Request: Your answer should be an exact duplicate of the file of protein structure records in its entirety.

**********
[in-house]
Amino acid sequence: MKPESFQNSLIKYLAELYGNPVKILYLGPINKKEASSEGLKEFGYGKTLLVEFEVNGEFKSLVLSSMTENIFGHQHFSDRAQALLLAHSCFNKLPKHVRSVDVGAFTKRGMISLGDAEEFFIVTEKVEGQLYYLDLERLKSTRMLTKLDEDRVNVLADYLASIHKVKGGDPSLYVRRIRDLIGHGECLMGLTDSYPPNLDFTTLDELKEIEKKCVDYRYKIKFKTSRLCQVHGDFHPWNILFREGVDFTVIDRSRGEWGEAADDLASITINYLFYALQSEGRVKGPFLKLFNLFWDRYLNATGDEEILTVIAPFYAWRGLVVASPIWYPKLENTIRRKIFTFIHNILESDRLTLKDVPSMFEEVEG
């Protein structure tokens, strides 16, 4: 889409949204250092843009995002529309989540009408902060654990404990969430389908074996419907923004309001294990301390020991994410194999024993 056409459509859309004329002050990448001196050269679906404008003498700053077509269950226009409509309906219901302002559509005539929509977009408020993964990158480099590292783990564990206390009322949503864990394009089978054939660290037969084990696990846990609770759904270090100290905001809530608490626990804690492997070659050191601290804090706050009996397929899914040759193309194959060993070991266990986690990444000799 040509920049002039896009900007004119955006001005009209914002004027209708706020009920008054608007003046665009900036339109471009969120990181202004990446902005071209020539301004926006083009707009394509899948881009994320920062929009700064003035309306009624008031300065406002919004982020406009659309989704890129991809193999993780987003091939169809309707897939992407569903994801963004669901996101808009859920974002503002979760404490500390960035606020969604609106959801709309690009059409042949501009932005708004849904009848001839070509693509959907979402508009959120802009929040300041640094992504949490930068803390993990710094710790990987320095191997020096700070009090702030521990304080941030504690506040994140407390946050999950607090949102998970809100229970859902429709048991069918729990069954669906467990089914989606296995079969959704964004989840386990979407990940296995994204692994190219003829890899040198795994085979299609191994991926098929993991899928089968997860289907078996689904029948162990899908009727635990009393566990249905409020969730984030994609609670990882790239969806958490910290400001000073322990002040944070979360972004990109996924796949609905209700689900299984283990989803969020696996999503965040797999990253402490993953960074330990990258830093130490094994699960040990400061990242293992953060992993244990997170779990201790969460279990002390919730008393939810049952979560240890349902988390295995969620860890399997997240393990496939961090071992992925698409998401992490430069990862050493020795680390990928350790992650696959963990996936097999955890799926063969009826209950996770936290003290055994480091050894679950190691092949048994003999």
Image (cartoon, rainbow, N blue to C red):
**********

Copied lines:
[in-house]
Amino acid sequence: MKPESFQNSLIKYLAELYGNPVKILYLGPINKKEASSEGLKEFGYGKTLLVEFEVNGEFKSLVLSSMTENIFGHQHFSDRAQALLLAHSCFNKLPKHVRSVDVGAFTKRGMISLGDAEEFFIVTEKVEGQLYYLDLERLKSTRMLTKLDEDRVNVLADYLASIHKVKGGDPSLYVRRIRDLIGHGECLMGLTDSYPPNLDFTTLDELKEIEKKCVDYRYKIKFKTSRLCQVHGDFHPWNILFREGVDFTVIDRSRGEWGEAADDLASITINYLFYALQSEGRVKGPFLKLFNLFWDRYLNATGDEEILTVIAPFYAWRGLVVASPIWYPKLENTIRRKIFTFIHNILESDRLTLKDVPSMFEEVEG
């Protein structure tokens, strides 16, 4: 889409949204250092843009995002529309989540009408902060654990404990969430389908074996419907923004309001294990301390020991994410194999024993 056409459509859309004329002050990448001196050269679906404008003498700053077509269950226009409509309906219901302002559509005539929509977009408020993964990158480099590292783990564990206390009322949503864990394009089978054939660290037969084990696990846990609770759904270090100290905001809530608490626990804690492997070659050191601290804090706050009996397929899914040759193309194959060993070991266990986690990444000799 040509920049002039896009900007004119955006001005009209914002004027209708706020009920008054608007003046665009900036339109471009969120990181202004990446902005071209020539301004926006083009707009394509899948881009994320920062929009700064003035309306009624008031300065406002919004982020406009659309989704890129991809193999993780987003091939169809309707897939992407569903994801963004669901996101808009859920974002503002979760404490500390960035606020969604609106959801709309690009059409042949501009932005708004849904009848001839070509693509959907979402508009959120802009929040300041640094992504949490930068803390993990710094710790990987320095191997020096700070009090702030521990304080941030504690506040994140407390946050999950607090949102998970809100229970859902429709048991069918729990069954669906467990089914989606296995079969959704964004989840386990979407990940296995994204692994190219003829890899040198795994085979299609191994991926098929993991899928089968997860289907078996689904029948162990899908009727635990009393566990249905409020969730984030994609609670990882790239969806958490910290400001000073322990002040944070979360972004990109996924796949609905209700689900299984283990989803969020696996999503965040797999990253402490993953960074330990990258830093130490094994699960040990400061990242293992953060992993244990997170779990201790969460279990002390919730008393939810049952979560240890349902988390295995969620860890399997997240393990496939961090071992992925698409998401992490430069990862050493020795680390990928350790992650696959963990996936097999955890799926063969009826209950996770936290003290055994480091050894679950190691092949048994003999």
Image (cartoon, rainbow, N blue to C red):